Thanks to an innovative collaboration between the Arizona State Museum's Office of Ethnohistorical Research and the Hopi Tribe, Hopi voices are heard.
—New Mexico Historical Review
A groundbreaking edition intertwining Hopi oral traditions—mostly dismissed in the past—with the Spanish documentary record.
The compiling of many early references to the Hopis in a single source, and the inclusion of a Hopi perspective, make this work valuable to area specialists, anthropologists, and, it is hoped, the Hopi people themselves.
—Journal of Arizona History
Placing historical Spanish and contemporary Indigenous perspectives in dialogue is really innovative. There is a growing literature about the need to reconcile historical and academic texts with Indigenous perspectives, but there are few examples of actual reconciliation. This book will be a heavily cited contribution to that literature.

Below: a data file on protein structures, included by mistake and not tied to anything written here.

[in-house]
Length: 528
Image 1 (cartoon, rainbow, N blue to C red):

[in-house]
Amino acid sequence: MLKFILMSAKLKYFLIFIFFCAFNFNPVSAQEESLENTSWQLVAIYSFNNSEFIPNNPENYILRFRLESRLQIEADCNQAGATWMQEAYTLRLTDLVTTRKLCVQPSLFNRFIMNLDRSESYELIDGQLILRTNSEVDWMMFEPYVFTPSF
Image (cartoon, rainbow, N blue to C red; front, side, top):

—Wesley Bernardini, author of Hopi History in Stone: The Tutuveni Petroglyph Site
A highly significant contribution to our understanding of Hopi history during the sixteenth and seventeenth centuries, because it helps to counter the phenomenon that historian Loma Ishii calls Hopi historicide: 'the mass execution of Hopi intellect, agency, and epistemology.'
—Susan Deeds, author of Defiance and Deference in Mexico's Colonial North: Indians under Spanish Rule in Nueva Vizcaya
An innovative and invaluable cultural transcript of the legendary Hopi people.